hide Matching Documents

The documents where this entity occurs most often are shown below. Click on a document to open it.

Document Max. Freq Min. Freq
Harper's Encyclopedia of United States History (ed. Benson Lossing) 1,078 0 Browse Search
Frederick H. Dyer, Compendium of the War of the Rebellion: Regimental Histories 442 0 Browse Search
Brig.-Gen. Bradley T. Johnson, Confederate Military History, a library of Confederate States Military History: Volume 2.1, Maryland (ed. Clement Anselm Evans) 440 0 Browse Search
Rebellion Record: a Diary of American Events: Documents and Narratives, Volume 1. (ed. Frank Moore) 430 0 Browse Search
Benson J. Lossing, Pictorial Field Book of the Civil War. Volume 1. 330 0 Browse Search
Horace Greeley, The American Conflict: A History of the Great Rebellion in the United States of America, 1860-65: its Causes, Incidents, and Results: Intended to exhibit especially its moral and political phases with the drift and progress of American opinion respecting human slavery from 1776 to the close of the War for the Union. Volume I. 324 0 Browse Search
Rebellion Record: a Diary of American Events, Diary from December 17, 1860 - April 30, 1864 (ed. Frank Moore) 306 0 Browse Search
Hon. J. L. M. Curry , LL.D., William Robertson Garrett , A. M. , Ph.D., Confederate Military History, a library of Confederate States Military History: Volume 1.1, Legal Justification of the South in secession, The South as a factor in the territorial expansion of the United States (ed. Clement Anselm Evans) 284 0 Browse Search
Southern Historical Society Papers, Volume 29. (ed. Reverend J. William Jones) 254 0 Browse Search
Rebellion Record: a Diary of American Events: Poetry and Incidents., Volume 5. (ed. Frank Moore) 150 0 Browse Search
View all matching documents...

Browsing named entities in George Bancroft, History of the United States from the Discovery of the American Continent, Vol. 2, 17th edition.. You can also browse the collection for Maryland (Maryland, United States) or search for Maryland (Maryland, United States) in all documents.

Your search returned 55 results in 7 document sections:

ale of their products the colonists were equally injured. The English, being the sole purchasers, could obtain those products at a little less than their fair value. The merchant of Bristol or London was made richer; the planter of Virginia or Maryland was made poorer. No new value was created; one lost what the other gained; and both parties had equal claims to the benevolence of the legislature. Burke. Thus the colonists were wronged, both in their purchases and in their sales; the lpart from the public offices in Rhode Island. I am especially indebted to William R. Staples, who, with singular liberality, intrusted to me the Ms. Collections which he has been gathering for years. Such kindness demands my gratitude. For Maryland, the restoration of the Stuarts was the restoration of its proprietary. Virginia possessed far stronger claims for favor than Rhode Island and Con- 1661. April 30. necticut; and Sir William Berkeley himself embarked for England as the agent of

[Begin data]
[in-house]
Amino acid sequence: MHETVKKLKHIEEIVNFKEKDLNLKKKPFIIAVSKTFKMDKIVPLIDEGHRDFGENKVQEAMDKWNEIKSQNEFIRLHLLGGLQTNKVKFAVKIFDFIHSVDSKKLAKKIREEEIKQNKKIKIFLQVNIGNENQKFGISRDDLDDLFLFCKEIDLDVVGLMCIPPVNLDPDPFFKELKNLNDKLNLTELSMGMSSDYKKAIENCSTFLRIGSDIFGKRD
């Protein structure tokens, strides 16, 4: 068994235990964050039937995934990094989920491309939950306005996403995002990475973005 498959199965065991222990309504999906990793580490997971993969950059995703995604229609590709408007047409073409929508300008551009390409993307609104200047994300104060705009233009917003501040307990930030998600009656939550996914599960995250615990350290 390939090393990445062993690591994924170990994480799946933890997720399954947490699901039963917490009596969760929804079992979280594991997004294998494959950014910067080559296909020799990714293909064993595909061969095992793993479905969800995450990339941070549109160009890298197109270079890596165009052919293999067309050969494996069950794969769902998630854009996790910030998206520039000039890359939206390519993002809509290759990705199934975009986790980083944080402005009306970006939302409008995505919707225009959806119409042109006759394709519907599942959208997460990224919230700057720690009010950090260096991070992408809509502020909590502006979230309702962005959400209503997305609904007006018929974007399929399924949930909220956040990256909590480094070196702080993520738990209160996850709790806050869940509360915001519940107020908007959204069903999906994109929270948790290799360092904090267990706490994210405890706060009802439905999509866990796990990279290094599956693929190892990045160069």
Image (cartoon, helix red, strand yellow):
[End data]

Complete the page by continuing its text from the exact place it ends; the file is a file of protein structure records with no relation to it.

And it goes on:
which had been retained in the days of Charles I. and of Cromwell, and which was renewed under Charles II., Compare Carolina, by T. A 1682, p. 3. continued to be encouraged by similar giants. Clayborne, Hening, i. 377. the early trader in Maryland, 1652 still cherished a fondness for discovery; and the sons of Governor Yeardley Thurloe, II. 273, 274. Letter of Francis Yeardley to John Farrar. wrote to England with exultation, that the northern country of Carolina had been explored by Dalcho, 13. Hewat, i. 53 Thus the institution of negro slavery is coeval with the first plantations on Ashley River. Of the original thirteen states, South Carolina alone was from its cradle essentially a planting state with slave labor. In Maryland, in Virginia, the custom of employing indented servants long prevailed; and the class of white laborers was always numerous; for no where in the United States is the climate more favor- Chap. XIII.} able to the Anglo-Saxon laborer than in Virg